It was time for a change.

These days, staying power is not my strong suit, especially at parties.

Nor is small talk, dancing, drinking or tuxedos. I’m in bed by 7 most nights and already a couple hours tucked two sheets in while others are still out getting their three sheets on.
Parties were once calendared in pen at least twice weekly until one day many years back when I made the brutal self-discovery that I’m not the man I used to be. And fortunately so.
I was the life of the party and also its casualty.
I thrived on attention and made myself the center of it often when I wasn’t. Insecurities compensated for ego in sometimes unimaginable ways.
I tried way too hard to be liked by others mostly because I didn’t like myself. Wearing lampshades would send me home in the wee hours with a false sense I was a treasured friend to many, when in reality I was likely just a poorly behaved but tolerated nuisance, and even more likely just pitied.
But one day several years ago very early in my 12 step program, another addict shared his own similar embarrassing epiphany and his story stopped me cold, as addict’s stories often do.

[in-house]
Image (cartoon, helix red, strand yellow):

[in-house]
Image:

I had a very long and very deep cry over countless embarrassing recollections of myself at parties past.
Eventually, I finally began liking myself.
Sitting on the sidelines gradually became as just as satisfying as all my years in centerfield had tried so foolishly to be.
Private conversations with a few in attendance became more preferable than grabbing microphones and lampshades to prove some personal point to myself that I was cool.
Growing up took much longer in life than I ever expected, but like so many times before, it took an honest addict at a meeting to be the messenger I didn’t know I desperately needed.
Tonight I’m dressing up and going to a Christmas party. I still don’t drink but I may dance, I’ll probably chat with a few people and I’ll be quite comfortable in my own skin.
And no one there will ever know what it took me to get to this point except that guy who saw me crying after his story at a recovery meeting years ago whose name I don’t remember but whose words I’ll never forget.